On a quick glance, several aspects of the methodology were not immediately clear to me, such as who was scoring the dream categories. The control condition is said to involve the same protocol as the original experimental manipulation, but was conducted a year later in a subsequent class, which opens the door for alternative explanations as to why the groups differ. How similar and standardized was the coaching and guiding in these different settings, especially since the experimenter (class instructor) was aware that the photo was a fake one? It invites all sorts of potential biases during interaction with the students. The instructor should have been blind to the nature of the photo in a randomized allocation of participants to the different groups during the same time period.

    It sounds like a fun class project, while having to deal with the limitations of the setting and environment in a practical way, but from a purely scientific perspective it raised some questions in my mind.
    So I think we need to be careful when posting these studies that make specific claims.
     
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  18. Ah, thanks for that though I don't know if it's fair to classify the research as a "fun class project". That seems a bit dismissive. It's definitely not a study that will be the smoking gun for Psi, but I think it suggests further research into this aspect of the Numinous is warranted.

    I definitely agree, though ideally we can use the forums to carefully check up on this sort of thing. Personally I think the best thing is for people to try this sort of thing themselves and see if anything comes of it, and to use reason when deciding the risk/reward of reliance on Psi in any form. I'm very much against the paternalism of the JREF crowd that wants to keep the public from exploring this sort of thing for themselves.

    I think we're in agreement on all that though. :)
     
  19. chuck.drake

    chuck.drake Guest

    I printed and read the study because this is an area of keen interest to me. I had grave reservations after reading it and that is why I asked Fred, who has published numerous studies in clinical psychology. It does appears more like an interesting project than science. I don't have a problem with that. I think it is a great way to expose larger groups of students to possibly become interested in conducting research that is better controlled. It quickly becomes apparent when thinking about doing multiple studies of this size that money and academic support would be critical to carrying out a study that would be properly designed and implemented. Even Fred, who has written what is by far the most well researched book on the OBE in recent years, appears to publish research mostly on topics like OCD and cognition.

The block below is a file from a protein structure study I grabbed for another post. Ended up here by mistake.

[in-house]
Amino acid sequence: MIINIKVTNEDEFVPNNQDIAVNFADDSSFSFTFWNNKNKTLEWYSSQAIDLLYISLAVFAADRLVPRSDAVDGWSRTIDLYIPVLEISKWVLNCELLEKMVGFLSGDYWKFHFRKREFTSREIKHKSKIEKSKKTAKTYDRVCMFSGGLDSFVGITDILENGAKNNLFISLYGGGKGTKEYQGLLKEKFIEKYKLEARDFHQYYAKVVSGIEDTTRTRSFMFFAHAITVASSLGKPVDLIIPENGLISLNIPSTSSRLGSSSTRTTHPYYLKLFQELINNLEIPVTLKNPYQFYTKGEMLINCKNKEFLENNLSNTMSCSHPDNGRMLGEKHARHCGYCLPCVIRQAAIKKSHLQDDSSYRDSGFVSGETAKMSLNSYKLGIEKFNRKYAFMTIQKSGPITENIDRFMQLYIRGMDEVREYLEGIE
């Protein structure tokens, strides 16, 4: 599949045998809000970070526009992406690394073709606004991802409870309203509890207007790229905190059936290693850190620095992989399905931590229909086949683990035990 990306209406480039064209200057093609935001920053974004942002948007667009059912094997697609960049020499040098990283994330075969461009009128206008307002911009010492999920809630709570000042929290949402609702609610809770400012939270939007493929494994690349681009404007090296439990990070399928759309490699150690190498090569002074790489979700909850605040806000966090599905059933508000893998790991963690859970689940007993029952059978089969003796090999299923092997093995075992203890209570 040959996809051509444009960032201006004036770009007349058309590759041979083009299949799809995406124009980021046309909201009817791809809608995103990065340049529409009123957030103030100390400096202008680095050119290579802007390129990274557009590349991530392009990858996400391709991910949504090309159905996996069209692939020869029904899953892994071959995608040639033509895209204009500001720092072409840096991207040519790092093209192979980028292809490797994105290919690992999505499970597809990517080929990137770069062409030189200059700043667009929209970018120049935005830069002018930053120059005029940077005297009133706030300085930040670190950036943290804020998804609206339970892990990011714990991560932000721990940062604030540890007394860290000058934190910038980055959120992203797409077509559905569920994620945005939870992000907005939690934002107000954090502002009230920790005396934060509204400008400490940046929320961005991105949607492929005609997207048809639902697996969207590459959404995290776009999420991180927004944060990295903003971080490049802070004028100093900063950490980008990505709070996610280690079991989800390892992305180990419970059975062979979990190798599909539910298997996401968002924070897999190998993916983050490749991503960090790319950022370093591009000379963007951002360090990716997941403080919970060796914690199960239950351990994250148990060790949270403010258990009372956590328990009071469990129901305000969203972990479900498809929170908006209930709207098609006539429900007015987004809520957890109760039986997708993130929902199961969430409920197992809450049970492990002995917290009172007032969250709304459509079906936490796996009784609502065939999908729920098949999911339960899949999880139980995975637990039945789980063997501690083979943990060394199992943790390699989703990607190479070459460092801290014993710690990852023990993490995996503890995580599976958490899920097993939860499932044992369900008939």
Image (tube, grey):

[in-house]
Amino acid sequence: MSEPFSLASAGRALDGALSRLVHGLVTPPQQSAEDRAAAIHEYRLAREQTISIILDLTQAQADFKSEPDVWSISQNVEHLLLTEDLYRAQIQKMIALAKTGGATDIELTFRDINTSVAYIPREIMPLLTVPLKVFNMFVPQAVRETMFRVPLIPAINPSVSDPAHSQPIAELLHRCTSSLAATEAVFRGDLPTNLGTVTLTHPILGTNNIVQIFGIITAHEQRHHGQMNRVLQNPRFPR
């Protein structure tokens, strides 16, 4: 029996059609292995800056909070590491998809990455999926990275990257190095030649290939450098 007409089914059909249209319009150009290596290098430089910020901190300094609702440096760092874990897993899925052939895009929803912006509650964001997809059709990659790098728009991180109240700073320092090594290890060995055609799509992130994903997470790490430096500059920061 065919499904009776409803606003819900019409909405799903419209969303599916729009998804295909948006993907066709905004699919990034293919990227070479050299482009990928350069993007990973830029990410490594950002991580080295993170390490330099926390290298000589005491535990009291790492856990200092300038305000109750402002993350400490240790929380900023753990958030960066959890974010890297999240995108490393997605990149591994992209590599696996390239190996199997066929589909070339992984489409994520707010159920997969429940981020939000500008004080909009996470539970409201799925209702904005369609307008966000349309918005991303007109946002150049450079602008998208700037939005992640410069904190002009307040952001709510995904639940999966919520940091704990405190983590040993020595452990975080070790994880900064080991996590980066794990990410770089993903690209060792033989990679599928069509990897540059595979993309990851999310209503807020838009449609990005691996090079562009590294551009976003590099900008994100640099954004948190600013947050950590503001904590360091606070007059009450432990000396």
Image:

I think it is great that we gather these kinds of studies here on the website and talk about them. But I think, as has been discussed here before, the headlines presented by the press and the actual content of the studies are two entirely different animals. I partially fear that lurkers at the forum may see these studies and take them at face value without due consideration of the actual content of the study.

    I agree that personal exploration with these phenomena is ideal. But even then it is a struggle to determine the objective nature of the experience. There is little agreement about the true nature of the nonphysical universes that are experienced while dreaming or in the out of body state even among serious practitioners.
     
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  20. "my son is no bigger than a grub. this is why we almost forget him, we don't really believe in him, my dream and i. where does he live? at the moment, between the leaves of a book. this is where he runs the least risk of being lost. inversely, he risks being squashed, if someone puts something on the book. otherwise he rests between the leaves without much difficulty.
    what is the future for such a grub?


    not much hope. he'll vegetate. if he stays this size.

    but then slowly he takes on substance. this is doubtless the result of my efforts: sometimes i take him out, i place him in a bed, or outside, for after all he has a right to the world, and he seems to lean toward life. the danger that someone unaware will crush him remains. little by little he even gains in intelligence. he begins to think, to be happy, to become a real living being.

    obviously, he is very far behind, since he has existed in this form for months. but now he has really decided to catch up. now i spy him running, having gone downstairs, and climbing on dangerous edges. i am worried because he doesn't know what danger is.


    i feel happiness, love for my grub leaving his twilight state. seeing life "crystallize" is such a blessing. suddenly, it's the descent between rough red boulders, in an invisible "taxi" that turns in circles several times in the circus of boulders, as if there were no way out.

    but in fact there is one."
    -Helene Cixous, 'The School of Dreams'